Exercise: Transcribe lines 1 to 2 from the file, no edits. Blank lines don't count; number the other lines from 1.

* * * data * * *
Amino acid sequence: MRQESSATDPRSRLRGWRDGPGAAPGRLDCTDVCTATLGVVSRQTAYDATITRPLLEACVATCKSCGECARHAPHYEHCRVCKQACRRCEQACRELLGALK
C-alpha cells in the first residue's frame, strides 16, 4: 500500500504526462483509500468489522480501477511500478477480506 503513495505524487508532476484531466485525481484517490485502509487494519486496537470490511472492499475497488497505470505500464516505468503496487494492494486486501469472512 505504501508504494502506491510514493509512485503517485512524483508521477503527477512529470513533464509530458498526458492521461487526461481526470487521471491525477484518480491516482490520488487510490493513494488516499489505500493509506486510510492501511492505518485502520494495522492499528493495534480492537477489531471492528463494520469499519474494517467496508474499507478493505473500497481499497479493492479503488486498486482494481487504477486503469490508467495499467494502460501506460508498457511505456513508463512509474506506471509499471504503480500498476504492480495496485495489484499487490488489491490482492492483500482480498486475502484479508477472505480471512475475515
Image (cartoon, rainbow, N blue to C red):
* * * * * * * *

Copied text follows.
Amino acid sequence: MRQESSATDPRSRLRGWRDGPGAAPGRLDCTDVCTATLGVVSRQTAYDATITRPLLEACVATCKSCGECARHAPHYEHCRVCKQACRRCEQACRELLGALK
C-alpha cells in the first residue's frame, strides 16, 4: 500500500504526462483509500468489522480501477511500478477480506 503513495505524487508532476484531466485525481484517490485502509487494519486496537470490511472492499475497488497505470505500464516505468503496487494492494486486501469472512 505504501508504494502506491510514493509512485503517485512524483508521477503527477512529470513533464509530458498526458492521461487526461481526470487521471491525477484518480491516482490520488487510490493513494488516499489505500493509506486510510492501511492505518485502520494495522492499528493495534480492537477489531471492528463494520469499519474494517467496508474499507478493505473500497481499497479493492479503488486498486482494481487504477486503469490508467495499467494502460501506460508498457511505456513508463512509474506506471509499471504503480500498476504492480495496485495489484499487490488489491490482492492483500482480498486475502484479508477472505480471512475475515